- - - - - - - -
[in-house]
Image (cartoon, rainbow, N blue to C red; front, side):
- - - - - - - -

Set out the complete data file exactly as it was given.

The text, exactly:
[in-house]
Image (cartoon, rainbow, N blue to C red; front, side):